There is something unsettling about the shift in the global economic and political order. Three things are clear: global solidarity is a chimaera, democracy is amorphous and the rule-based international order is an ass. Well, at least as far as the continent of Africa, her people and their livelihoods are concerned.
The sooner African leaders wake up to the fact that there will never be a cavalry sent to salvage the troubled continent from the marauding horsemen of disease, poverty, deceit and war the better it shall be for prospects of Africa’s renaissance.
Let me explain.
A great deal of the world system and the survival of nations is determined by chequered and undemocratic political systems largely influenced by the whims of “democracies” that don’t know nor truly care about Africa.
Whereas the Berlin Conference of 1884 triggered a precipitous scramble for African territory by a plethora of European nations, the current scramble for the continent’s natural resources by major global political and economic rivalries portends deeper economic and political hardships for Africa. This could also serve as a harbinger for the continent’s continued political instability and economic insecurity.
Africa, and the rest of the world, is in the throes of a deadly global health crisis.
Tellingly, the Covid-19 pandemic and the ensuing global economic hardships have peeled away any veneer of solidarity among nations. Wealthier nations, true to their paternalistic nature and attitude towards Africa, have not been credible partners as they scrambled to secure and hoard scarce Covid-19 test kits, therapies and vaccines for themselves.
The pandemic has exposed the duplicity, greed and bureaucratic inertia of wealthier nations that have largely left Africans to their own fate in fighting Covid-19. This was despite pledges made to ensure equitable access to requisite tools to fight the pandemic.
African leaders seem to have forgotten that, in an emergency, before one helps others, it is advisable that one first helps oneself. One can’t imagine a more apposite application of this adage than during a pandemic. Wealthy nations are acting as they should.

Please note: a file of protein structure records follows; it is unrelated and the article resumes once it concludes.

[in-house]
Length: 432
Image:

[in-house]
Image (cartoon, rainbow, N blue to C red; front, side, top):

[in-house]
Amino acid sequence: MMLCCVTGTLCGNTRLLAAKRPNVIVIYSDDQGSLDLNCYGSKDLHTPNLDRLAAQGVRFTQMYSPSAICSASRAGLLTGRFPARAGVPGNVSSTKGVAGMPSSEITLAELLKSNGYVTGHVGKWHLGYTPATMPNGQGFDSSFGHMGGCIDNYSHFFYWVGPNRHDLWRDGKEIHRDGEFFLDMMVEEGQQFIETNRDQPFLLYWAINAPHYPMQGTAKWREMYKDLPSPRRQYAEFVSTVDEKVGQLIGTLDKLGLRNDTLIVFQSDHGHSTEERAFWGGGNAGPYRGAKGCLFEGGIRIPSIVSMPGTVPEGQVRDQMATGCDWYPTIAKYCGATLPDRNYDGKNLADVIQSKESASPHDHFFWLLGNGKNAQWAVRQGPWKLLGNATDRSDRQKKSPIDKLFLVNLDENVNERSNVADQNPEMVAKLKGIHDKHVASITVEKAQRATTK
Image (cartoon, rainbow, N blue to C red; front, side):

As the global transition from fossil fuels to a renewable energy system gains impetus, increased demand for base minerals and precious metals has triggered a spike in major countries’ interest in Africa.
New estimates by the African Development Bank suggest that the continent’s infrastructure needs amount to $130–170-billion a year, with the infrastructure funding gap pegged in the $68–$108-billion range.
Despite traditional institutional investors having more than $100-trillion in assets under management globally, a miniscule portion of this is directed towards ameliorating Africa’s annual infrastructure investment gap.
But, while multilateral development funding agencies often insist on attaching policy reforms as conditions to their loans and financial aid, China’s laissez-faire foreign policy has propelled it into being the continent’s largest lender and top trading partner since 2009. China has infrastructure projects in all African countries except in eSwatini.
Much of modern China’s meteoric growth is driven by state-owned enterprises and under President Xi Jinping, the Communist Party has become the ultimate authority in business and politics. This has enabled China to alter Africa’s political biases as well as grow influence over the continent through trade and foreign aid diplomacy. And for this, China has elicited resentment and stands accused of colonising Africa through sleight of debt.
There is no gainsaying that China has contributed significantly to the economic growth of some of Africa’s poorest nations. It has readily availed competitive funding and expertise for infrastructure projects with long and innovative pay-back terms that traditional Western agencies would be reluctant to provide. But onerous funding terms have proven to be double-edged swords for some of the heavily-indebted, defaulting nations.
To most African kleptocrats’ apparent delight, China’s policy of non-interference in internal affairs of nor attaching policy reform conditions on its infrastructure investments in African countries has, as expected, made China a big hit notwithstanding the mostly non-equitable structure of the trade deals which are usually skewed in its favour.
President Joe Biden, on a mission to counter China’s rising hegemony, seeking to pivot the US from his predecessor’s unorthodox, impulsive, unilateralist and confrontationist foreign policy, recently convened a virtual Summit for Democracy. What an irony that Angola, Iraq and the Democratic Republic of the Congo, countries that Freedom House classifies as undemocratic regimes, were invited to attend while China, Russia and Nato ally Turkey were sidelined.